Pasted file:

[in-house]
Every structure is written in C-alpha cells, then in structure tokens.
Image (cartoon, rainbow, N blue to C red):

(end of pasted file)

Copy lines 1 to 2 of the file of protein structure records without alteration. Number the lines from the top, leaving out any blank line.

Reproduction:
[in-house]
Every structure is written in C-alpha cells, then in structure tokens.